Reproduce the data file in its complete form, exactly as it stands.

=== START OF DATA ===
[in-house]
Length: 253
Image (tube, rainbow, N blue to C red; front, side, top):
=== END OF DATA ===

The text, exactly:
[in-house]
Length: 253
Image (tube, rainbow, N blue to C red; front, side, top):